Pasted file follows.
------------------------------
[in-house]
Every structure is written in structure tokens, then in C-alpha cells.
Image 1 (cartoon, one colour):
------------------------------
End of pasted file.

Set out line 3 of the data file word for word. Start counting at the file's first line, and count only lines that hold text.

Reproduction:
Image 1 (cartoon, one colour):